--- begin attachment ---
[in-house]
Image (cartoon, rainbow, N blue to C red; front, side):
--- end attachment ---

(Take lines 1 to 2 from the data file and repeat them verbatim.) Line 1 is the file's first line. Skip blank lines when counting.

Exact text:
[in-house]
Image (cartoon, rainbow, N blue to C red; front, side):